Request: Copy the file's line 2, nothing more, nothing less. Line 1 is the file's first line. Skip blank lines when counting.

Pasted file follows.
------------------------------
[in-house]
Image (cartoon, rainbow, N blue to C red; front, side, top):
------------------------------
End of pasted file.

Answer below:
Image (cartoon, rainbow, N blue to C red; front, side, top):